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HSAs: The Holy Grail of Retirement Savings Accounts

June 11, 2019

HSAs: The Holy Grail of Retirement Savings Accounts

Ashley Micciche Talking About HSAs

Find out if an HSA makes sense for you? Schedule your free 15-minute call >>>HTTPS://BIT.LY/2AQKMXL

Key Takeaways

HSA contributions are going up in 2020, which makes this the perfect time to take a closer look at the HSA (health savings account) and all of its great benefits. You get tax deductible contributions, tax-free growth and tax-free withdrawals. No other retirement account can match the tax benefits of the HSA!

In today’s video, Ashley’s doing a deep dive on the HSA. If you’re not contributing to one, hopefully by the end of this video, you will be convinced that it is an essential component of a successful and well thought out retirement plan for you.

You’ll learn:

  • What the new HSA contribution limits will be for 2020. Good news, they are going up!
  • The benefits of an HSA as it relates to retirement planning and the mistake you might be making with your HSA. You’re not alone, most of us are doing this.
  • What your savings account priorities should be when it comes to planning for retirement and why it’s important to get started on your HSA now!

Click here to watch the full video or read the full video transcript, below.

Transcript

HSAs – The Holy Grail of Retirement Savings Accounts

Today, I’m talking about the HSA, otherwise known as the health savings account. This account is the holy grail of retirement savings accounts. No other account matches it in terms of its tax treatment.

You’re allowed to sock away a pretty good chunk in your HSA every year and that’s going up next year in 2020. The chart above shows the current contribution limits and what they will be for 2020.

In terms of retirement accounts, I really would like you to consider the HSA. I know this is totally backwards and counter to what most people do, but the HSA, because of its tax benefit, is amazing! The 401k, the Roth – none of it can match what the tax benefits are as saving money in your HSA.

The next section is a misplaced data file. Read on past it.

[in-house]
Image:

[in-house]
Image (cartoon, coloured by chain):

If you are eligible, I want you to think about trying try max out your HSA before you max out your Roth or your 401k. The tax benefits are so beneficial and you’re going to need this money to pay for your health care costs in retirement. You probably won’t ever be able to contribute enough to cover what you’re going to have to outlay for your medical costs in retirement, with rare exception.

The Mistake You’re Making With Your HSA

I want to talk about the big mistake that most of you are making with your HSA. You are thinking about your HSA in terms of paying for current health care expenses. You might be contributing to an HSA account right now and that’s great! However, you might be using most or all those dollars every year or not contributing up to the limit every year and viewing this as a long-term retirement savings vehicle.

I want you to think about the HSA as a long-term vehicle because what you can do with an HSA, that most people don’t realize, is that you can invest those funds. It does not have to sit in cash. It does not have to be used in the current year, you can invest that money.

It would be wise for you to invest that for growth for a retirement account, just like you would your 401k, your Roth or any other retirement account that you have earmarked for retirement. Again, you get tax free growth while that money is in the HSA. Then, when you pull it out of the health savings account in retirement and pay for medical expenses with it, it’s a tax-free withdrawal. It’s an amazing benefit of the HSA and it saddens me that more people don’t take advantage of it as a long-term vehicle.

To put some real numbers around this, if you are retired today, the average cost for an American’s healthcare expenses is about $1,000 a month, that’s $12,000 a year. If you look at it over your lifetime, most Americans are going to spend in the range of $280,000 in retirement, specifically for healthcare expenses. We all know that healthcare is going to be costly in retirement, it’s a big conundrum and paying for health care costs in retirement and health savings account is a way that you can front load those expenses.